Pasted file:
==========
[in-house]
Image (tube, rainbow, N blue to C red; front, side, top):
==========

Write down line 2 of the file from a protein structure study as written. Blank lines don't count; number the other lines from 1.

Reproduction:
Image (tube, rainbow, N blue to C red; front, side, top):